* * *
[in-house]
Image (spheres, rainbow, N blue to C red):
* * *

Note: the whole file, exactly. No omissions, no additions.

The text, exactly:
[in-house]
Image (spheres, rainbow, N blue to C red):